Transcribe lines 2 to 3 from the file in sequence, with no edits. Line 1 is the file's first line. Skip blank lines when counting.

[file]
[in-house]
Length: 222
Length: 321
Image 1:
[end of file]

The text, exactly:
Length: 222
Length: 321